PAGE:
Jeff Bezos, the billionaire founder of Amazon, is to fly into space with his brother days after stepping down from the top role at the tech titan.

Mr Bezos will fly beyond the Earth’s atmosphere on the first human flight of his space travel company Blue Origin’s reusable New Shepard launch vehicle on July 20.

In an Instagram video announcing the flight, Mr Bezos said: “To see the Earth from space, it changes you, it changes your relationship with this planet, with humanity. It’s one Earth.

“I want to go on this flight because it’s a thing I’ve wanted to do all my life. It’s an adventure. It’s a big deal for me,” he continued.

Mr Bezos will be accompanied on the flight by his brother, Mark Bezos, who runs the family’s private equity firm HighPost Capital.

Rocket man: Blue Origin founder Jeff Bezos is heading to space  

Credit: Reuters 

The Amazon founder said: “I invited my brother to come on this first flight because we’re closest friends."

The flight is scheduled to take place 15 days after Mr Bezos steps down as Amazon chief executive on July 5, handing day-to-day running of the business to current Amazon Web Services head Andy Jassy.

Blue Origin announced the flight in May but at the time did not reveal that Mr Bezos and his brother would be travelling on board.

The rocket will travel 100km (62 miles) above sea level into space before the crew capsule detaches. The rocket and capsule will then return to earth, with the capsule touching down in the West Texas desert using parachutes to slow its descent.

Jeff Bezos's Blue Origin is competing with Elon Musk's SpaceX in a private sector space race

Credit: BlueOrigin

The third passenger on the flight to space with the Bezos brothers will be the winner of an auction currently being held by Blue Origin. Bidding for the spot has reached $2.8m (£1.9m), with proceeds set to be donated to charity.

The flight will fulfil a lifelong dream for Mr Bezos, a self-confessed space fanatic, who once appeared in the film Star Trek Beyond in a cameo dressed as an alien.

It will also be the climax of a two-decade journey by Mr Bezos’s space company, Blue Origin. Originally founded in 2000, Blue Origin operated in secret for years before revealing its rocket, New Shepard, in 2015.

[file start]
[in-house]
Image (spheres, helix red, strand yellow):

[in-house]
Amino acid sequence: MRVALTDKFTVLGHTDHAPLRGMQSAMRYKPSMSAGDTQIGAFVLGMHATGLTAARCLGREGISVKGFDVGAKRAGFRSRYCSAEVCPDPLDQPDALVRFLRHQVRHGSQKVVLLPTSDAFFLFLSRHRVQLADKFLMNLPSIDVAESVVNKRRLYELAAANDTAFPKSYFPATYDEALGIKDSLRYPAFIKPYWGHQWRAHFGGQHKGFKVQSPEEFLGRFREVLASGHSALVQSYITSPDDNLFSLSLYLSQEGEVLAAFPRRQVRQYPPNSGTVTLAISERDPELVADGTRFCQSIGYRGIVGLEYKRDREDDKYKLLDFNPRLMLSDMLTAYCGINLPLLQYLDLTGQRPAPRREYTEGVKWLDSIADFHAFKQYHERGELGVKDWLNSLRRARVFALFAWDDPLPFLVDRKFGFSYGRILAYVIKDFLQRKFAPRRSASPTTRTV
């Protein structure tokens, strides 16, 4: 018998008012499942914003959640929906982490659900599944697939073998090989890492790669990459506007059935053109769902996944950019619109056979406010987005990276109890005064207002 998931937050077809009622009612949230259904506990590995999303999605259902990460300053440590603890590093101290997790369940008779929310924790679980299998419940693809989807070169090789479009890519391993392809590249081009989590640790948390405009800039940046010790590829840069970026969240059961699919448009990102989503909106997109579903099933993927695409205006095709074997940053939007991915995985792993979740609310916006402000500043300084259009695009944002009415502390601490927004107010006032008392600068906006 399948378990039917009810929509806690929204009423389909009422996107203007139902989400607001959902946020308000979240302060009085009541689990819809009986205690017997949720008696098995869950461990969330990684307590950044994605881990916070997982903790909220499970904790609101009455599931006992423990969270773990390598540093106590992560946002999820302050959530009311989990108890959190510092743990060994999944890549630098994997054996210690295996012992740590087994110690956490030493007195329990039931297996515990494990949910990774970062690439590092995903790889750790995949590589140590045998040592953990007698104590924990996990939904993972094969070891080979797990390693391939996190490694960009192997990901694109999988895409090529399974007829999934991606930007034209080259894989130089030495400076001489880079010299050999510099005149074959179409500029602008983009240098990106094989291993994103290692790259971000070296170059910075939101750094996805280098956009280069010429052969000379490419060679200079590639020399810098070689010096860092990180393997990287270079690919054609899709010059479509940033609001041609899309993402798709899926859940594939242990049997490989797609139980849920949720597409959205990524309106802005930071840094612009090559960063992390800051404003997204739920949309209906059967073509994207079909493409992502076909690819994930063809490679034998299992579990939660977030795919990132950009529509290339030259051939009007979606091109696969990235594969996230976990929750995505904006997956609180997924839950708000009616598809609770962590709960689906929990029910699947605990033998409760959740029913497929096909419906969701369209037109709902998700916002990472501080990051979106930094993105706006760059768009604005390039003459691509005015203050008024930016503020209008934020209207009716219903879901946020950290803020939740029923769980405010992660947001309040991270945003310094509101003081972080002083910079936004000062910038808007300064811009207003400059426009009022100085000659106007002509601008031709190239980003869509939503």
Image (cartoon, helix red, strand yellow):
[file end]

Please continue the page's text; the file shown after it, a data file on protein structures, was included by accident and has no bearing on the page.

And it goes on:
An illustration of the Blue Origin space tourism capsule

Credit: Blue Origin via AP

Mr Bezos has also sketched out a vision for giant cities in space populated with millions of people.

His vision for Blue Origin has set him up as a rival to Mr Musk, who also has plans to colonise the Moon and Mars with his rocket company SpaceX.

But in April, the US awarded a $2.9bn contract for its Moon lander project to SpaceX, despite furious protest from Mr Bezos’s company. 

Mr Bezos has sunk billions of dollars of his own wealth into Blue Origin, publicly stating that he will spend around $1bn per year on the project, funded by sales of Amazon stock.

Mr Musk and Mr Bezos have sparred for years over regulations surrounding Mr Musk’s satellite venture, Starlink, which plans to put thousands of broadband small sats into orbit. Mr Musk accused Amazon’s rival project of trying to "hamstring" his efforts.

Elon Musk and Jeff Bezos’ history of trading insults

But Blue Origin has found itself largely in the shadow of SpaceX, which has already completed more than 100 flights with its rockets compared to around 15 Blue Origin flights.

SpaceX made history last May with its first manned rocket mission and in November transported its first astronauts to the International Space Station.

In April, Blue Origin accused SpaceX of "lies" in its lobbying over Nasa’s lunar project. 

Nasa’s moon landing mission, Project Artemis, is expected to cost $35bn with the goal of landing Americans on the moon again by 2024.  

Mr Musk’s company had warned lawmakers in the US of a "hand-out" to Mr Bezos’s company that would hand "space leadership to China".

Blue Origin responded, saying: "What is Elon Musk afraid of… a little competition?"

Mr Musk also has ambitions to visit space, and other planets, himself. He said in 2013: "I’ve said I want to die on Mars, just not on impact."

Read more: How the super-rich are plotting singles nights on the moon – and who’s going to make it to Mars first